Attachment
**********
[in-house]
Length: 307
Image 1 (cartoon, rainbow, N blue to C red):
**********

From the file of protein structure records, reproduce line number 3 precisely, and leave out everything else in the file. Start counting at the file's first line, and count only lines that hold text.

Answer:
Image 1 (cartoon, rainbow, N blue to C red):